Feb-03-06  Averageguy: It is now.
Nov-24-10  BobCrisp: Wow, I didn't know that London's two main chess stores had effectively merged:

What was the deal? Is <Pein> still the head honcho?

Premium Chessgames Member
  HeMateMe: <MaxxLange: Weasels ripped my Svesh>!!

My Pein want to punish yer Ma.

Premium Chessgames Member
  HeMateMe: <The London Chess Centre in Euston Road is to close after 18 years due to the termination of the lease.

The new main London Shop will now be in Baker Street.>

Seems a positively Sherlockian development.

Premium Chessgames Member
  twinlark: Even organisations move Holmes.
Premium Chessgames Member
  wordfunph: Malcolm Pein authored..

+ Developments in the Grunfeld 1985-1987: 100 Theoretically Most Important Games

+ The Guide to Chess

+ The Blumenfeld Gambit

+ Grunfeld Defence: Exchange Variation

+ Trends in Spanish Marshall

+ How to Play the King's Indian Attack

Premium Chessgames Member
  wordfunph: "To my father, who, as my mother once wryly remarked, did not cook for me, wash me, dress me or take me to school but simply taught me chess, which turned out to be much more useful."

- IM Malcolm Pein (acknowledgement from his book The Guide to Chess)

Premium Chessgames Member
  pawn to QB4: I was at the 4NCL near Hinckley, UK recently. A friend and I watched Malcolm Pein and David Smerdon commenting on the games of the Wood Green - Guildford clash. Couple of thoughts:

Firstly, thanks very much guys: great experience, my friend commented a few weeks later that if he'd paid 20 to listen he would have gone away thinking he'd had his money's worth. Particularly their thoughts on Mickey Adams winning a rook ending: if you weren't at least an IM you couldn't listen to that without learning something. That's not a hint to start charging...

Secondly, his audience were about 20 or 30 people in the 1900-2250 sort of range. They listened fairly intently and when they asked questions it was because they genuinely hadn't understood and wanted to know the answers. It occurs to me that, in my experience, when adults in the 1200 - 1500 range ask for my thoughts they often don't listen like this. I try to explain why Bc4 might have been better than f3 and a fairly usual response is to wait for an early chance to interrupt to explain why they went for f3, and why in fact they were right to play it. Might well be Malcolm's superior abilities as a teacher, but I wondered if it might also be typical of stronger and weaker players' different approaches to learning.

Aug-14-13  BIDMONFA: Malcolm Pein

PEIN, Malcolm

Premium Chessgames Member
  wordfunph: "I like to point my knights at the opponent's king. Wishful thinking."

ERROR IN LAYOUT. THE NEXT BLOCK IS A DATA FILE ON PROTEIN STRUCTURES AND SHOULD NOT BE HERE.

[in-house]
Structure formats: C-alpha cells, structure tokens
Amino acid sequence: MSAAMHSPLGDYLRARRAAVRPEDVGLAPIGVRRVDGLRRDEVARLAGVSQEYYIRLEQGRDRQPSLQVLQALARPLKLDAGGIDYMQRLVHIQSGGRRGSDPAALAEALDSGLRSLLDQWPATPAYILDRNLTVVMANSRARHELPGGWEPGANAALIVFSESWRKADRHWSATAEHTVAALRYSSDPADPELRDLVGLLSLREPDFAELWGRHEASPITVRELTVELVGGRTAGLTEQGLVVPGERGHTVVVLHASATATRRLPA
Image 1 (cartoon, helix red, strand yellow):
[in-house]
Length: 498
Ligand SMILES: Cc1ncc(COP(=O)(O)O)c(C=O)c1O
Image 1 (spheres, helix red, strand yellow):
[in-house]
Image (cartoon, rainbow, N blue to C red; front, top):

- IM Malcolm Pein

Premium Chessgames Member
  wordfunph: this made my day..

"All you talk about in chess is take, take, take, take, why is there never any give?"

- Mrs. Philippa Pein

Source: NIC Magazine 2013 #1

Premium Chessgames Member
  MissScarlett: Anyone catch Malcolm Pein on last week's <The Apprentice>, where the teams were tasked with designing and flogging their own board games? There's a repeat tonight at 12am.
Premium Chessgames Member
  offramp: Odd, because Bill Hartston is regularly on Gogglebox.
Premium Chessgames Member
  MissScarlett: True, but he doesn't own a shop that sells board games.
Premium Chessgames Member
  chancho: From the UK Telegraph:

<Malcolm Pein: It appears that So was not totally familiar with the rules and there is no question that he was <<writing coded analysis>> to gain an advantage.>

I wonder what proof Pein in the ass has in making such an assertion?

Apr-14-15  Pulo y Gata: <Malcolm Pein: So was not totally familiar with the rules and there is no question that he was writing coded analysis to gain an advantage.>

Poor construction is all. Pein obviously meant that So <was not> writing coded analysis. The whole article supplies the context and the tone the author was taking. Sloppy, but nothing to lose pee about.

He is not stupid as to suggest that in a game with only six moves played a GM would resort to coded analysis. Pein. Is. Not. Stupid.

Give him some slack.

Premium Chessgames Member
  offramp: <Pulo y Gata> you are right. Pein meant that So was NOT "writing coded analysis". I never use that pointless and difficult construction, "there is no question..." as I do not know what it means!

It is much better to be as blunt as possible, especially when players' reputations are involved!

Isn't this better?:
<It appears that So was not totally familiar with the rules. But he was definitely not writing coded analysis to gain an advantage.>

That is clearer!!

Apr-14-15  Pulo y Gata: <offramp> I don't want to say it, but you're a much better writer than Pein. I appreciate wordiness but not when it gets in the way of meaning.

And on something one is paid for? (I need to put this in to excuse my error-laden posts hereabout.)

Jul-12-15  Poisonpawns: "Mijko" on ICC